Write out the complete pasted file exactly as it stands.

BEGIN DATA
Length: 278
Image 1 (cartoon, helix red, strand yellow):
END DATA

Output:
Length: 278
Image 1 (cartoon, helix red, strand yellow):